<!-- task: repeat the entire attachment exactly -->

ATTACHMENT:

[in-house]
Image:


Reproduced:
[in-house]
Image: